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SA's decision to end permits for Zimbabweans is shameful

17 Aug 2022 at 06:38hrs | Views
WHEN December 31, 2022 arrives, South African Home Affairs minister Aaron Motsoaledi, like his peers in Cabinet, will be with their families and will not have to fear being displaced from a country they have called home.

Instead, this will be the reality for thousands of Zimbabweans who will be affected by South Africa's decision made last December to cancel, without consideration, the Zimbabwe Exemption Permit (ZEP).

The resolve was made without due regard for what would happen to tens of thousands of people who went to South Africa seeking nothing but a better life, and whose lives will now be upended by this decision.

The exemption permits were granted to more than 250 000 Zimbabweans who were among more than estimated two million who migrated to neighbouring countries at the height of Zimbabwe's political and economic crisis in 2008 and 2009.

The temporary measure was meant to regularise their presence in South Africa and allow Zimbabweans access to services such as banking.

But now, government has decided to cancel this measure without putting proper plans in place.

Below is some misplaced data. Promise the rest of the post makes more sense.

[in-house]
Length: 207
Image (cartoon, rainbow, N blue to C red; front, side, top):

The one-year grace period expires at the end of this year.

In justifying government"s decision, Motsoaledi bemoaned how "people keep blaming the immigration services of South Africa, as if when one country creates a crisis, the country closest to it must respond by building the requisite capacity to deal with that crisis. That's the logic here".

The thing is, South Africa did play a role in the political crises that engulfed Zimbabwe, resulting in the economic crises, by allowing the late former Presidenr Robert Mugabe's regime to get away with rigging the 2002 election and many other crimes after that.

There is much to be said about former President Thabo Mbeki's complicity in the actions of the Mugabe regime as was revealed by the Khampepe report, which government spent 12 years blocking from becoming public.

Those who got caught in the crossfire of the political and economic crises in Zimbabwe did all they could to flee for a better life, turning to neighbouring South Africa for refuge.

Now, these people face further displacement as they risk deportation once the ZEP expires at the end of the year.

Those who left Zimbabwe and settled in South Africa have called this home for over 10 years. They have had children here and built their lives here.

The decision to revoke the permit affects all types of people from across the social spectrum. It impacts on teachers, truck drivers and doctors. It will separate families and leave others stranded without cars or access to banking services.

It interrupts university students who were trying to complete their degrees and it affects people like Angeline, who has been living and working in South Africa for near on a decade, but will not be able to seek treatment for brain cancer at Groote Schuur Hospital in Cape Town, without a valid permit.

Source - NewsDay Zimbabwe
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